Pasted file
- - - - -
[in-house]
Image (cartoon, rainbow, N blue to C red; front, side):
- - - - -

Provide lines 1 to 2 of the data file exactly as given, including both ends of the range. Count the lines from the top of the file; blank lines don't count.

[in-house]
Image (cartoon, rainbow, N blue to C red; front, side):